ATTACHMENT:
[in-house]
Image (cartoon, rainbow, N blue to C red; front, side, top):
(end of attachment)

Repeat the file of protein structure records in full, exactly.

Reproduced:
[in-house]
Image (cartoon, rainbow, N blue to C red; front, side, top):